The government was in talks with the company granted a 30-year concession to run three hospitals prior to the official tendering process last year, the Times of Malta has learnt.

A Vitals Global Healthcare (VGH) spokeswoman said that the company had originally proposed a project that was solely focused on the Gozo hospital.

This proposal was declined by the government, but VGH later went on to win the concession for the Gozo, Karin Grech and St Luke’s hospitals.

The request for proposals was published by Projects Malta in April 2015, and the tender was awarded to Vitals in September.

Two of the contracts governing the deal were signed on November 30, 2015, by former health minister Konrad Mizzi.

Vitals originally proposed a project solely focused on the Gozo hospital

Dr Mizzi is also the minister responsible for Projects Malta.

Shadow health minister Claudette Buttigieg last week queried the timing of the contract signing in relation to Dr Mizzi's activities in Panama.

Ms Buttigieg said Dr Mizzi’s financial advisers Nexia BT had e-mailed the Panama firm Mossack Fonseca instructing it to go ahead with the opening of a bank account for his Panama company two days after the contract with VGH was signed.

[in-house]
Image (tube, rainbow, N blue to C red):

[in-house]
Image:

Heavily redacted versions of these contracts were only published by the government last month.

All the landmark dates and figures governing the agreement were redacted by the government due to their “commercial sensitivity”.

VGH director Ram Tumuluri yesterday denied that VGH had trouble raising financing for the €200 million project.

Speaking during a media briefing, Mr Tumuluri said the €25 million already spent included a €10 million bond with the government. He said the government had bound Vitals Global Healthcare to pay this bond in order to show its long-term commitment to the 30-year project.

The VGH director explained the four-tier structure leading up to VGH’s ultimate owner in Singapore, Oxley Group.

Bluestone Investments Malta, one of the four companies in VGH’s ownership structure, was set up in Malta in December 2014.

Mr Tumuluri also presented notarised copies of two of the companies in the British Virgin Islands forming part of the ownership structure. The documents show that Mr Mark Pawley is both the director and sole shareholder of these two companies.

Mr Tumuluri said the Oxley Group was planning to relocate its companies in the BVI to Jersey, which he said was a much more transparent jurisdiction that still had tax advantages.

He said VGH could not make any changes to control in its company structures without the government’s consent.

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